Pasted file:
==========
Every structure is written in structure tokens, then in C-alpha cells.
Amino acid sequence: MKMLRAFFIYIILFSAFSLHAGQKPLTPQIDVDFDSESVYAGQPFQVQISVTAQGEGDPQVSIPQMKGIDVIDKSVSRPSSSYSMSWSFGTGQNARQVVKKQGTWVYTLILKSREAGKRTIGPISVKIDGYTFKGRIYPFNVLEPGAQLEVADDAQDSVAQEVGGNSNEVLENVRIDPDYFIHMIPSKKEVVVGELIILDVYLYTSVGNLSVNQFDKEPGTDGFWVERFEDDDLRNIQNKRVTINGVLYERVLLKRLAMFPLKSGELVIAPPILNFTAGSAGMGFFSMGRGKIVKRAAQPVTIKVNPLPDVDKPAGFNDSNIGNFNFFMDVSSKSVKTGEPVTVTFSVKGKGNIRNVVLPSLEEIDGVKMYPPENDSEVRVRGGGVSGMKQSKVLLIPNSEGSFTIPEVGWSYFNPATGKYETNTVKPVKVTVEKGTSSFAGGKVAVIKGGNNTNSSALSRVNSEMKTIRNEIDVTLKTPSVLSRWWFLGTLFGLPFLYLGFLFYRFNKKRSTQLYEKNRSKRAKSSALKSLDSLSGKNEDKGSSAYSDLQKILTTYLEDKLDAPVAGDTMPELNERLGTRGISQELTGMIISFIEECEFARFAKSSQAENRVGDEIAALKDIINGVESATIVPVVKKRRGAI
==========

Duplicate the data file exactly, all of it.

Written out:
Every structure is written in structure tokens, then in C-alpha cells.
Amino acid sequence: MKMLRAFFIYIILFSAFSLHAGQKPLTPQIDVDFDSESVYAGQPFQVQISVTAQGEGDPQVSIPQMKGIDVIDKSVSRPSSSYSMSWSFGTGQNARQVVKKQGTWVYTLILKSREAGKRTIGPISVKIDGYTFKGRIYPFNVLEPGAQLEVADDAQDSVAQEVGGNSNEVLENVRIDPDYFIHMIPSKKEVVVGELIILDVYLYTSVGNLSVNQFDKEPGTDGFWVERFEDDDLRNIQNKRVTINGVLYERVLLKRLAMFPLKSGELVIAPPILNFTAGSAGMGFFSMGRGKIVKRAAQPVTIKVNPLPDVDKPAGFNDSNIGNFNFFMDVSSKSVKTGEPVTVTFSVKGKGNIRNVVLPSLEEIDGVKMYPPENDSEVRVRGGGVSGMKQSKVLLIPNSEGSFTIPEVGWSYFNPATGKYETNTVKPVKVTVEKGTSSFAGGKVAVIKGGNNTNSSALSRVNSEMKTIRNEIDVTLKTPSVLSRWWFLGTLFGLPFLYLGFLFYRFNKKRSTQLYEKNRSKRAKSSALKSLDSLSGKNEDKGSSAYSDLQKILTTYLEDKLDAPVAGDTMPELNERLGTRGISQELTGMIISFIEECEFARFAKSSQAENRVGDEIAALKDIINGVESATIVPVVKKRRGAI